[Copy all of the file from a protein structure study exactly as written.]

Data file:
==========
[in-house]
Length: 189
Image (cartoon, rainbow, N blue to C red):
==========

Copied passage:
[in-house]
Length: 189
Image (cartoon, rainbow, N blue to C red):